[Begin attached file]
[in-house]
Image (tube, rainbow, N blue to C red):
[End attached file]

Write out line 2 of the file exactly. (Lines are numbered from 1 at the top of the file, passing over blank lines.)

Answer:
Image (tube, rainbow, N blue to C red):